Other SAARC nations echoed Nepal’s concerns. Sri Lankan’s foreign office in a statement “strongly supports peace and stability in the South Asia region” and urged India and Pakistan to diffuse tensions through dialogue to ensure peace and stability of the entire region. Similarly, the Maldives urged India and Pakistan “to exercise utmost restraint, and to preserve the stability, peace and security in the region” and stressed the need for speedy resolution through diplomacy and dialogue.
There is a strong regional dimension in these statements emphasising the implications of India-Pakistan conflict on the entire South Asian region and stressing the need for peaceful solution through dialogue and diplomacy.
Although the Sri Lankan statement mentions India and Pakistan, the other two statements were not explicit. In a way implying the need for parties in conflict to consider regional voices, if not the existence of a space for a regional role in the crisis.
There has not been any proposal for the regional organisation to play a role in the current crisis between India and Pakistan. This is understandable, particularly when the parties in conflict are the two biggest and most powerful members of the organisation.
Nevertheless, an issue where SAARC as a regional organisation could have taken a more proactive stance is in countering terrorism. As noted above, all the SAARC members have vehemently condemned the Pulwama attack. Nepal did it in its national capacity, but not as chair of SAARC, as it did in the implications of the conflict on regional peace and stability.
A statement condemning the attack from the SAARC chair would have sent out a strong message about the regional body’s stance on extremism and terrorism.
Such a move would also be in line with the regional organisation’s principled stance on terrorism as highlighted in the 18th SAARC Summit held in November 2014 when the SAARC leaders “unequivocally condemned terrorism and violent extremism in all its forms and manifestations” and “underlined the need for effective cooperation among the Member States to combat them.”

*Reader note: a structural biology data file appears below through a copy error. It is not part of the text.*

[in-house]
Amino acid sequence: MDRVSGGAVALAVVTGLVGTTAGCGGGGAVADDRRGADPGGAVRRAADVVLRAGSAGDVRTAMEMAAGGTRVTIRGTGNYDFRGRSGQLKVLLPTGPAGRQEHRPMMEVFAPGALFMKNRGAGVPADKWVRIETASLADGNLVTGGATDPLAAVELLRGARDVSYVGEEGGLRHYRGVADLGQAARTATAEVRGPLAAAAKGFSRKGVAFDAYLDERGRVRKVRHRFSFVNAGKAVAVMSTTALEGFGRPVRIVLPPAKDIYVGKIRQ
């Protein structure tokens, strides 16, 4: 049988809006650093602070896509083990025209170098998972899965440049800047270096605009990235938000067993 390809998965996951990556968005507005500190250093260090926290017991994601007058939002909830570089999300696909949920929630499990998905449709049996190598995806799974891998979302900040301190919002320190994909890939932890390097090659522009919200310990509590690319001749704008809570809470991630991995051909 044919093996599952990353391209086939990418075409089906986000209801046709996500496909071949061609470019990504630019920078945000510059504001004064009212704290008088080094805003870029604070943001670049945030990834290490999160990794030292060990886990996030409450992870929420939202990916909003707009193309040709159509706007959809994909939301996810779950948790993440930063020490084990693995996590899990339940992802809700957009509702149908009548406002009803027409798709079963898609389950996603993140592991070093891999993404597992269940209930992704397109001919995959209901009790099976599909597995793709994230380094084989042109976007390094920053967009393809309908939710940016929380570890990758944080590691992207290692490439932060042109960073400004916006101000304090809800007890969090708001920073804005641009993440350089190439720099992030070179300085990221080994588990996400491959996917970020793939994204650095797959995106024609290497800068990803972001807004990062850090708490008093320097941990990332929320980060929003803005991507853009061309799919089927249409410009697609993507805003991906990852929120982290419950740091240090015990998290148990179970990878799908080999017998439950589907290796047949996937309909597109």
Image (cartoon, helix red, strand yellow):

Furthermore, in 2016, four members of the grouping boycotted the SAARC Summit after the Uri terror attack. In the backdrop of these precedents and at a time when most of its members have expressed their willingness to work together to combat terrorism, a statement would have strengthened the SAARC Regional Convention on Suppression of Terrorism. If SAARC were to reinvent itself as a relevant actor in regional security, issues such as counter-terrorism need to form the base of regional security cooperation.
It may be too late for the SAARC’s chair to issue a statement condemning the Pulwama terror attack. In fact, such a move would create a precedent for its successors to emulate in the future. For SAARC to succeed, opportunities such as this need to be seized.
On the wider regional role on interstate conflicts that threatens regional peace and security, the inability of SAARC to play any role beyond issuing a cautionary statement tells a lot about the low level of SAARC as an actor in promoting peace and preventing conflict. There is a long way to go for SAARC to be an effective actor in regional security issues and perhaps, Nepal’s diplomatic push on India and Pakistan is a beginning.
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K. Yhome was Senior Fellow with ORFs Neighbourhood Regional Studies Initiative. His research interests include Indias regional diplomacy regional and sub-regionalism in South and Southeast ...Read More +